Disparities in pain management between cognitively intact and cognitively impaired nursing home residents
Reynolds, K.S.; Hanson, L.C.; DeVellis, R.F.; Henderson, M.; Steinhauser, K.E.
Journal of pain and symptom management 35(4): 388-396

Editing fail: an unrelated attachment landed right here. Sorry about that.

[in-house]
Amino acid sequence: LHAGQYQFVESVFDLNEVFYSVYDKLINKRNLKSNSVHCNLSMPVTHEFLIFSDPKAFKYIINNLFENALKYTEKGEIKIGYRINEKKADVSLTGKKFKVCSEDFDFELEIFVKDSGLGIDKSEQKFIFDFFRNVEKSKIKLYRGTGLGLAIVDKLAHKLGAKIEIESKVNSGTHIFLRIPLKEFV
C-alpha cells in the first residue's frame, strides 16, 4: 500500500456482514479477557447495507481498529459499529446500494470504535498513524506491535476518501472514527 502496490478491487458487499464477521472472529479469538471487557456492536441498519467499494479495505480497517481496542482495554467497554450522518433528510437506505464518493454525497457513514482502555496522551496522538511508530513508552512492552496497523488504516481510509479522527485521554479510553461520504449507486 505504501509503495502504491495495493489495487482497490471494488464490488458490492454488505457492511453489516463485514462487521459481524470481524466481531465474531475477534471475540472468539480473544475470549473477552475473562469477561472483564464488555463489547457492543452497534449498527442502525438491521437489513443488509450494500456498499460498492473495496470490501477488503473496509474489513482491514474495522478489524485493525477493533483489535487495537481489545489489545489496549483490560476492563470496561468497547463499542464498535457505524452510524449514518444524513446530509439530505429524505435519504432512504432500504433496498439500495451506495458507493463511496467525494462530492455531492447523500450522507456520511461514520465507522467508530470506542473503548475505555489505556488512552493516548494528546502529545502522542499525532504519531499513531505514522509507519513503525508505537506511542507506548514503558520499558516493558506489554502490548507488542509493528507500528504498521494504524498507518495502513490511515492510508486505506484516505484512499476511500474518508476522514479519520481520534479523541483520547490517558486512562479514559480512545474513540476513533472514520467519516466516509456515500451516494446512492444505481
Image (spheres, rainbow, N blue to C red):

This study tests the association between residents' cognitive impairment and nursing homes' pain management practices. We used chart abstraction to collect data on 551 adults in six North Carolina nursing homes. From the standard data collected in the Minimum Data Set, 24% of residents experienced pain in the preceding week. Reports of pain decreased as cognitive abilities declined: nurses completing the Minimum Data Set reported pain prevalence of 34%, 31%, 24%, and 10%, respectively, for residents with no, mild, moderate, and severe cognitive impairment (P<0.001), demonstrating a "dose-response"-type result. Eighty percent of cognitively intact residents received pain medications, compared to 56% of residents with severe impairment (P<0.001). Cognitively impaired residents had fewer orders for scheduled pain medications than did their less cognitively impaired peers. Yet the presence of diagnoses likely to cause pain did not vary based on residents' cognitive status. We conclude that pain is underrecognized in nursing home residents with cognitive impairment and that cognitively impaired residents often have orders for "as needed" analgesics when scheduled medications would be more appropriate.